On This Day in Black History: August 23
Engineer and geographer Jean-Baptiste Lislet-Geoffroy, the first black correspondent of the French Academy of Sciences, was born.
Jean-Baptiste Lislet-Geoffrey became the first black correspondent of the French Academy of Sciences.
The Slavery Abolition Act was passed. This act granted freedom to all slaves in the British Empire.
A mass meeting of blacks in Boston adopted a resolution declaring that segregated public schools in that city violated the State Constitution.
Booker T. Washington established the National Negro Business League.
The Houston Riot occurred when soldiers of the 24th Infantry Regiment retaliated to an incident of racism. Two blacks and nineteen whites died.
Computer scientist Dr. Phillip Emeagwali was born.
Today's Featured Page
Mansa Musa is mostly remembered for his extravagant hajj, or pilgrimage, to Mecca. However, attention should be focused on the effects of the hajj, rather than the pilgrimage itself. More...
Previously Featured Pages
Candace of Meroe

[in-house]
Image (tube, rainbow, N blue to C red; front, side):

Unlike the queens of Egypt who derived power from their husbands, the Queens of Kush were independent rulers, to the extent that it was often thought that Meroe never had a king. Four of these queens—Amanerinas, Amanishakhete, Nawidemak and Maleqereabar—became distinctively known as Candaces, a corruption of the word Kentake. More...
Yaa Asantewa/The Asante Wars
The British found few people as difficult to subdue as the Asante of Ghana in their quest to build their West African colonial empire. More...
Patrice Lumumba was born in Katako-Kombe in the Kasai Province of the Belgian Congo in 1925. In October 1958, he formed the Mouvement National Congolais (MNC), which was the only major party that had a truly national base. A nationalist and Pan-Africanist, he mobilized the Congolese people to press for independence. More...
Mary Ann Shadd Cary
From an early age, Mary was exposed to the anti-slavery movement, where she developed a good grasp of the issues and honed her debating skills. More...
The Tuskegee Airmen
Myth: Black men can't fly planes. General H.H. Arnold unequivocally stated that "no Blacks would ever pilot a plane in the upcoming war [World War II.]" The myth was debunked with the help of the US Congress. More...
Born in 1844, Menelik II was one of the most celebrated of Ethiopia's rulers, and led the most successful campaign of African resistance to repel the onslaught of European colonialism. More...
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